2. Tone of Coverage: if people are talking about you, what are they saying? Take in the good and bad and use it to improve your next event.

9. Your Team

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Don't do the evaluation in a silo. Sit down with your team to debrief. They have both internal and external opinions on how the event went.

Internal

How was the event from an HR or volunteer standpoint? Was it organized? Were people overwhelmed? Was communication an issue?

Talk to your team - including volunteers - to see how you can improve morale among your helpers in the future.

  • Figure out if you had the right amount of volunteers - if the workload was too much or not enough, then you should make changes.
  • Learn if your team felt appreciated and as if they were doing something meaningful (this is especially important when considering volunteers.)
  • See if people knew what they were doing, when, and how.

External

Your team will also have an idea of how the night (or day) went for your guests. They will have heard the comments and can report on them. However, they will also have seen the event.

Did a large poster fall in the middle of a speech? Someone on the team probably knows.

Did you run out of ice early in the evening? Ditto.

Sit down with them to see what they saw, what they think worked, and what they believe can be improved.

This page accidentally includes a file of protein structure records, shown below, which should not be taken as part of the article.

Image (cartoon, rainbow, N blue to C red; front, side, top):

10. The 'Night Of' Moments

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Take a look at everything that actually happened during your event. Make note of any mishaps - half your volunteers didn't show up, the lights went out for half an hour, the ice sculpture melted.

Now, look at all the successes - the bidding technology worked flawlessly, someone made a huge donation that sent your thermometer through the roof, and the guest speaker made everyone cry - in a good way.

Make all of these moments part of your debriefing.

11. Your Self

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Finally, ask yourself how you felt the event went.

This is obviously a soft factor - there are no real measurable factors to add to it. But your gut matters.

You just put a whole lot of work into this thing and you are about to start the whole grueling process over:

Don't just take in the numbers. Take your feelings into it.

Do you feel like you did something great? Was it all worth it?

Maybe you still have a lot that needs to improve before your next event. But if you feel like everything you have done has been worth the time, sweat, and headaches you have experienced, then it can't have been a complete disaster.

The Usual Wrap-Up

We all know that we aren't likely to luck into improvements. If we want to improve anything in life, we have to do some honest assessments of how we are doing already.

Fundraising and charity events are not exceptions. If you want your events getting bigger and better every year, then you have to figure out what is working and what isn't.

Hopefully these tips will help you.

Have more tips on evaluating your events? As always, let me know in the comments or on social media.

Topics: Tips and How To's